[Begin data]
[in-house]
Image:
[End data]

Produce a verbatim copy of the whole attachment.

[in-house]
Image: